Ethel Shields Boyle was born on 23 September 1892 in a two-room log house in Lake View, Tooele, Utah to James Gillespie Shields and Sarah Matilda Adamson. She was the oldest of eight children.
When Ethel grew old enough, she attended school in Lake View. She didn’t like school much, so she would always come up with excuses to stay home. Often, it was a tooth ache, from her bad teeth, that provided the solution.
James Shields had a farm but also hauled ore to the smelter. When Ethel was 12-14 years old, she and her brother would hand plow the fields while James was hauling ore. They would start early in the morning, take a lunch with them, and work until it was nearly dark.
Ethel loved to dance. When she was 14-16, her mother’s brothers—Dave, Isaac and Frank Adamson—taught her how to dance. They would take her to the local dances in Tooele.
James and Sarah Shields moved from their two-room log home into a bigger, two story log home with a dirt roof when Ethel was a young teenager. Some of her life-long friends lived next door. Ethel, her friend Zella Spray and Zella’s sisters were always together. Few people in town had a parlor in the house, but Zella’s family did. The parlor stayed locked unless company came to visit. When Zella’s parents were gone, they would sneak into the parlor, play the piano and have a great time. Someone would be on watch, and when the parents were seen coming, they would lock up the parlor. Their parents never knew.
The Shields home was comparatively small, only two rooms. When they were not working the children would tear carpet rags and the family would have them woven into a rug. Straw from the wheat fields was stuffed under the carpet; the carpet was stretched and then tacked down. In the fall the carpet was taken up and cleaned and new straw was stuffed under it. Ethel remembers, “Oh, what a lovely warm carpet we’d have.”
When Ethel was 18, she would go to town with some friends and cousins and go into the local millinery shop to try on hats. One day while they were in the store, a handsome young man came in to see the milliner (his aunt). His name was James Boyle. The girls were impressed and began arguing over him. But Ethel said, “Oh no, he is for me.” Apparently, he felt the same, and the two began courting. James would rent a horse and buggy from the livery stable, and they would ride together. He rented the buggy often; the man at the stable would reserve this particular horse and buggy for them. The horse was named Flax. “Old Flax was our loyal motor through our courting days,” Ethel said.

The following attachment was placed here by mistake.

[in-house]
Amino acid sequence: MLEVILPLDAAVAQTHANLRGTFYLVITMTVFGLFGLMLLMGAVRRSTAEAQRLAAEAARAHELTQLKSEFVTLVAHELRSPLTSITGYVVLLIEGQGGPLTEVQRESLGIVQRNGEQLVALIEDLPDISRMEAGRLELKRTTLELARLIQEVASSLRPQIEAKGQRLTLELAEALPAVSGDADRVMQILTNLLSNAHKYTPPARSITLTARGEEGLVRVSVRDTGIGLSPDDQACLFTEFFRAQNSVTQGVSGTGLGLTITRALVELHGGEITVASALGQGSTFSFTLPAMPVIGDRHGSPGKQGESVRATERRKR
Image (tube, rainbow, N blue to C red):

After a year of courting, James proposed and the two were married on 19 April 1911 in the Salt Lake Temple. They had their wedding breakfast at the Chesapeake Café on 3rd South between West Temple and Main Street.
James and Ethel had six children: Elda LaVon (1912), James Keith (1913), Ethel Maxine (1916), Romulus Dean (1918), Eldon Wayne (1921), and Clair Dee (1932).
The couple lived in Tooele for the first two years of their marriage while James worked at the smelter. Then James and his father-in-law decided to begin farming. The two families found adjacent fields (40 acres each) in Sugarville, northwest of Delta, Utah. When James and Ethel first moved to Sugarville they lived in a boarded up tent. Her father built a granary which they used for a bedroom until they were able to build a two-room house. Later they added a lean-to onto the house for a kitchen.
Life on the farm was hard. The entire family would work to get the crops harvested. Ethel and Sarah would work alongside the men planting, weeding and thinning beets. The little kids would play on a blanket underneath the tree. When they would get home, they would make dinner, wash clothes, clean the house, etc. The men would feed the animals and do other chores.
James and Ethel had their share of trials over the next years. They had little money, worked hard day after day, and suffered from plagues and illness. The entire family became sick from a flu epidemic that broke out in the area. When Dean was a baby, Ethel took the plague from deer fly sting. When she recovered, Dean caught typhoid fever and nearly died. Finally their daughter Maxine suffered from rheumatic fever and passed away on 30 November 1928.
In the late 1920’s James and Ethel Boyle put their money into the bank. The next day the banks failed and they lost everything they had. The Depression began and the next few years were difficult for them. Jobs were not scarce, but money was. They had a herd of milking cows at the time and they moved to Lynndyl, Utah.